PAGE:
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Stem Cells Dev. 2011 Jul;20(7):1199-212. doi: 10.1089/scd.2010.0315. Epub 2010 Dec 29.

Analysis of the chondrogenic potential and secretome of mesenchymal stem cells derived from human umbilical cord stroma.

Author information

1
Department of Medicine, Area of Anatomy and Human Embryology, Faculty of Health Science, University of A Coruña, A Coruña, Spain.

Abstract

Mesenchymal stem cells (MSCs) from umbilical cord stroma were isolated by plastic adherence and characterized by flow cytometry, looking for cells positive for OCT3/4 and SSEA-4 as well as the classic MSC markers CD44, CD73, CD90, Ki67, CD105, and CD106 and negative for CD34 and CD45. Quantitative reverse transcriptase-polymerase chain reaction analysis of the genes ALP, MEF2C, MyoD, LPL, FAB4, and AMP, characteristic for the differentiated lineages, were used to evaluate early and late differentiation of 3 germ lines. Direct chondrogenic differentiation was achieved through spheroid formation by MSCs in a chondrogenic medium and the presence of chondrogenic markers at 4, 7, 14, 28, and 46 days of culture was tested. Immunohistochemistry and quantitative reverse transcriptase-polymerase chain reaction analyses were utilized to assess the expression of collagen type I, collagen type II, and collagen type X throughout the time studied. We found expression of all the markers as early as 4 days of chondrogenic differentiation culture, with their expression increasing with time, except for collagen type I, which decreased in expression in the formed spheroids after 4 days of differentiation. The signaling role of Wnt during chondrogenic differentiation was studied by western blot. We observed that β-catenin expression decreased during the chondrogenic process. Further, a secretome study to validate our model of differentiation in vitro was performed on spheroids formed during the chondrogenesis process. Our results indicate the multipotential capacity of this source of human cells; their chondrogenic capacity could be useful for future cell therapy in articular diseases.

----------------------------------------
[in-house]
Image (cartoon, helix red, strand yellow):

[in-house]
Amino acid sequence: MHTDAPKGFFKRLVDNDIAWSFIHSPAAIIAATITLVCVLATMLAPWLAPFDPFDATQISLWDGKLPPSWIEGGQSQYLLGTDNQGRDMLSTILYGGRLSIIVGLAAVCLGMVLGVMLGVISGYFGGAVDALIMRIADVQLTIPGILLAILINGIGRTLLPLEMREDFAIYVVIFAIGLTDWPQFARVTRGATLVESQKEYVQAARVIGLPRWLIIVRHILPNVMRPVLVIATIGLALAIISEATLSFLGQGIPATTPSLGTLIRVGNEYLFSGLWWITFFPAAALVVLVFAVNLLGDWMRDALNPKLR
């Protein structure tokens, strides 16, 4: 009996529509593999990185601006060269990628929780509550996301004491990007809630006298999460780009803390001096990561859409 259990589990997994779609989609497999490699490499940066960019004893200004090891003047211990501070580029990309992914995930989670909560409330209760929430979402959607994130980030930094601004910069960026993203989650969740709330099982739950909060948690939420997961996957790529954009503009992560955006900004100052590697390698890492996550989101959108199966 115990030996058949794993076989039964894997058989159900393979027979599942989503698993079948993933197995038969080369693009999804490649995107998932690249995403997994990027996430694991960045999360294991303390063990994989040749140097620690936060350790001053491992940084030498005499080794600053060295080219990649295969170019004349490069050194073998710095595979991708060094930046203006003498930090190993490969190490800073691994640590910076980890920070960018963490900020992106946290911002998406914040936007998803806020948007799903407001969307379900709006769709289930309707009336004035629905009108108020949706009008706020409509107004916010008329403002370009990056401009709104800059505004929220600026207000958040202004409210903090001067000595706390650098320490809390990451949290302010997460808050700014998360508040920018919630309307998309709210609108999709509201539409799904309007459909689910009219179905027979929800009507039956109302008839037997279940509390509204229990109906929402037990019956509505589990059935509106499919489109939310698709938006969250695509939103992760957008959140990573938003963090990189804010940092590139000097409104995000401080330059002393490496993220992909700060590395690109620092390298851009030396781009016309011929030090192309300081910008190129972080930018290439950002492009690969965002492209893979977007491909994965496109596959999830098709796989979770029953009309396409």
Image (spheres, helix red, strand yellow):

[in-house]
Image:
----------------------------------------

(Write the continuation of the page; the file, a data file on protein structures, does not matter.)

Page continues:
PMID:
20977334
DOI:
10.1089/scd.2010.0315
[Indexed for MEDLINE]

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